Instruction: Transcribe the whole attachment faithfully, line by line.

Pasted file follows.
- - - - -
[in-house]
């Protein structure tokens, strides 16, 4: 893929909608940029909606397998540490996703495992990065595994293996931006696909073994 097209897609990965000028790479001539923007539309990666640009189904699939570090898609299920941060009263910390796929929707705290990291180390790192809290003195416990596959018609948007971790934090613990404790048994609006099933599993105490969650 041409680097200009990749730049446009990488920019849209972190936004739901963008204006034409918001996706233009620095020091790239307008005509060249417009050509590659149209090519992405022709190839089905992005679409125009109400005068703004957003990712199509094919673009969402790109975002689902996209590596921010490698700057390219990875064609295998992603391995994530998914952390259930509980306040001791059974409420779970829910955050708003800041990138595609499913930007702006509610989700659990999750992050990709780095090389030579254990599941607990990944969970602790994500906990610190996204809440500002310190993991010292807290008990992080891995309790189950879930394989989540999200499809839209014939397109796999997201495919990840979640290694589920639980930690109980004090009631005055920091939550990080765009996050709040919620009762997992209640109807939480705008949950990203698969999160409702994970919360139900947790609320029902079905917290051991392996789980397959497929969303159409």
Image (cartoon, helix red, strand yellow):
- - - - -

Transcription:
[in-house]
């Protein structure tokens, strides 16, 4: 893929909608940029909606397998540490996703495992990065595994293996931006696909073994 097209897609990965000028790479001539923007539309990666640009189904699939570090898609299920941060009263910390796929929707705290990291180390790192809290003195416990596959018609948007971790934090613990404790048994609006099933599993105490969650 041409680097200009990749730049446009990488920019849209972190936004739901963008204006034409918001996706233009620095020091790239307008005509060249417009050509590659149209090519992405022709190839089905992005679409125009109400005068703004957003990712199509094919673009969402790109975002689902996209590596921010490698700057390219990875064609295998992603391995994530998914952390259930509980306040001791059974409420779970829910955050708003800041990138595609499913930007702006509610989700659990999750992050990709780095090389030579254990599941607990990944969970602790994500906990610190996204809440500002310190993991010292807290008990992080891995309790189950879930394989989540999200499809839209014939397109796999997201495919990840979640290694589920639980930690109980004090009631005055920091939550990080765009996050709040919620009762997992209640109807939480705008949950990203698969999160409702994970919360139900947790609320029902079905917290051991392996789980397959497929969303159409």
Image (cartoon, helix red, strand yellow):